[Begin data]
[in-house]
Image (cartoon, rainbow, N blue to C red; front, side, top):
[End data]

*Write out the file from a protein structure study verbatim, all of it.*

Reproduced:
[in-house]
Image (cartoon, rainbow, N blue to C red; front, side, top):